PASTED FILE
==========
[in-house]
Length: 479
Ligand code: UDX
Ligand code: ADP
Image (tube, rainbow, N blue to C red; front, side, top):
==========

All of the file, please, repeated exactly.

[in-house]
Length: 479
Ligand code: UDX
Ligand code: ADP
Image (tube, rainbow, N blue to C red; front, side, top):